Fixing the Court-Storming Problem

The aftermath of the UNC-Duke game has turned into a hot-button issue in the sports world this week, all because some students decided to storm the court.

I mean, can you blame them? Their team just pulled an upset over a top-5 rival while making a statement to the rest of the country that they're going to be a dangerous team in March.

Yes, actually, you can.

Court-stormings are something reserved for lesser teams when they beat big teams. By storming the court, you are essentially conceding that the team you just beat is better than you, and you're celebrating it because it either doesn't happen very often or hasn't happened in a while.

For college basketball's traditional programs, court-stormings should be out of the question for the sole reason that they expect to beat anybody on any given night. They might not be the better team, but they hold themselves to a higher standard because of who they are.

Let's put it this way: if teams consistently storm the court when they beat you, you should never storm the court.

And this isn't a rant about UNC. Indiana fans did the exact same thing after they beat Wisconsin earlier in the year.


Yeah, the Badgers were undefeated and Indiana was struggling. But for a school with five national championships, things are much bigger then just beating Wisconsin.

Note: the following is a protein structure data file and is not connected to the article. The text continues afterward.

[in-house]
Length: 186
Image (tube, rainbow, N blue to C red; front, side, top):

Same went for UNC. Obviously their relationship with Duke is a little different than Indiana's is with Wisconsin, but still—the Tar Heels have bigger fish to fry than one of their two or three matchups with the Blue Devils every year.

Now, Arizona State's storming after beating Arizona was completely legit and the reason why court-stormings happen.

The Sun Devils are the Wildcats' little brother in basketball, and rarely have much success as a program. Arizona, on the other hand, is one of those traditional powers.

Wins over Arizona don't happen that often, and the win might have clinched a berth in the NCAA tourney for the Sun Devils.

So while I understand the students' emotion and desire to be a part of court-storming—lots of emotion, electric atmosphere, just the sheer fun of it—some schools are better than that.

I'm not saying those teams shouldn't celebrate after big wins. Go party downtown, have bonfires in the streets, just go nuts. But storming the court sends a different message then just celebrating.

And by doing it, you're basically admitting you're not on that elite level where you expect to win every game.

TCU? Storm that court when you beat Kansas. Clemson? Storm that court when you beat Duke.

But for teams like UNC and Indiana? Let's cool it a little bit.

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